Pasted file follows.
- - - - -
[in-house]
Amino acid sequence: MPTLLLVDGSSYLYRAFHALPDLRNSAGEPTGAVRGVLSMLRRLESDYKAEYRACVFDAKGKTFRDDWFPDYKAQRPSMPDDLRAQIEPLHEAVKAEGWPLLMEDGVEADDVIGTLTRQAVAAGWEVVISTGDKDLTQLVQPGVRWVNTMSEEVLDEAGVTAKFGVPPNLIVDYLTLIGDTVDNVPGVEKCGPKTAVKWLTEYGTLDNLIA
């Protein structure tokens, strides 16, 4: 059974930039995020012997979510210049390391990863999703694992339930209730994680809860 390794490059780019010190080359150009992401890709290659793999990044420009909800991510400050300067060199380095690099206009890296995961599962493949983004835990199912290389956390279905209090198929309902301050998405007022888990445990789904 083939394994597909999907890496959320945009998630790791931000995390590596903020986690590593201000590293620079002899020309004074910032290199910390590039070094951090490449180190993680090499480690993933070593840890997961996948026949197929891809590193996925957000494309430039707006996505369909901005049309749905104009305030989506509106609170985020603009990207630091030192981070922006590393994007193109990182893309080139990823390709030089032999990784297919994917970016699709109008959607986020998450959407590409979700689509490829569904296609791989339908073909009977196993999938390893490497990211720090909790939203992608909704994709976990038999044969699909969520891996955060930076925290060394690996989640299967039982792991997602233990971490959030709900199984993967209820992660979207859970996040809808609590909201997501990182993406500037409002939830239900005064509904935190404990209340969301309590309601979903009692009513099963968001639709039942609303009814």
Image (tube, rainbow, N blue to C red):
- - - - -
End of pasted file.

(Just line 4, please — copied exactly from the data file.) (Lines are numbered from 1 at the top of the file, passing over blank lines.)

Image (tube, rainbow, N blue to C red):